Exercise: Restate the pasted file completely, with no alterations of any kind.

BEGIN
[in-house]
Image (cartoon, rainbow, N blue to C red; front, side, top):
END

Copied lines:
[in-house]
Image (cartoon, rainbow, N blue to C red; front, side, top):